140         (1) Disclosed, or threatened to disclose, to any
  141  appropriate governmental agency, under oath, in writing, an
  142  activity, policy, or practice of the employer that is in
  143  violation of a law, rule, or regulation. However, this
  144  subsection does not apply unless the employee has, in writing,
  145  brought the activity, policy, or practice to the attention of a
  146  supervisor or the employer and has afforded the employer a
  147  reasonable opportunity to correct the activity, policy, or
  148  practice.
  149         (2) Provided information to, or testified before, any
  150  appropriate governmental agency, person, or entity conducting an
  151  investigation, hearing, or inquiry into an alleged violation of
  152  a law, rule, or regulation by the employer.
  153         (3) Objected to, or refused to participate in, any
  154  activity, policy, or practice of the employer which is in
  155  violation of a law, rule, or regulation.
  156         (4)(a)Discussed or disclosed the employee’s own wages;
  157         (b)Inquired about another employee’s wages;
  158         (c)Discussed another employee’s wages, if such wages have
  159  been voluntarily disclosed by such employee;
  160         (d)Requested that the employer provide a reason for the
  161  amount of the employee’s own wages; or
  162         (e)Testified or will testify, assisted, or participated in
  163  an investigation or proceeding under this section.
  164         Section 4. Section 448.111, Florida Statutes, is created to
  165  read:
  166         448.111Prohibited employer activities related to wages and
  167  benefits.—
  168         (1)An employer may not:
  169         (a)Rely on the wage or salary history of a current,
  170  former, or prospective employee in determining the wages or
  171  salary for such individual.
  172         (b)Orally or in writing seek, request, or require the wage
  173  or salary history from a current, former, or prospective
  174  employee as a condition of being interviewed, as a condition of
  175  continuing to be considered for an offer of employment, or as a
  176  condition of employment or promotion.
  177         (c)Orally or in writing seek, request, or require the wage
  178  or salary history of a current, former, or prospective employee
  179  from a current or former employer except as provided in
  180  subsection (3).
  181         (d)Retaliate against or refuse to interview, hire,
  182  promote, or otherwise employ a current, former, or prospective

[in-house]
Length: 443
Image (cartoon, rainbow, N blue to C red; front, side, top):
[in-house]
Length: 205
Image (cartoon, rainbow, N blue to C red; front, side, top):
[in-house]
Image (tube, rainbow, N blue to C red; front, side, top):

183  employee:
  184         1.Based upon prior wage or salary history.
  185         2.Because the current, former, or prospective employee did
  186  not provide wage or salary history in accordance with this
  187  section.
  188         3.Because the current, former, or prospective employee
  189  filed a complaint alleging a violation of this section.
  190         (e)Prohibit an employee from:
  191         1.Discussing or disclosing the employee’s own wages;
  192         2.Inquiring about another employee’s wages;
  193         3.Discussing another employee’s wages, if such wages have
  194  been voluntarily disclosed by such employee; or
  195         4.Requesting that the employer provide a reason for the
  196  amount of the employee’s own wages.
  197         (f)Require an employee to sign a waiver or any other
  198  document that prohibits the employee from:
  199         1.Discussing or disclosing the employee’s own wages;
  200         2.Inquiring about another employee’s wages; or
  201         3.Discussing another employee’s wages, if such wages have
  202  been voluntarily disclosed by such employee.
  203         (2)This section does not prevent a current, former, or
  204  prospective employee from voluntarily disclosing wage or salary
  205  history, including, but not limited to, for the purposes of
  206  negotiating wages or salary.
  207         (3)An employer may confirm wage or salary history only if,
  208  at the time an offer of employment with compensation is made,
  209  the prospective employee responds to the offer by providing
  210  prior wage information to support a wage higher than that
  211  offered by the employer.
  212         Section 5. This act shall take effect July 1, 2020.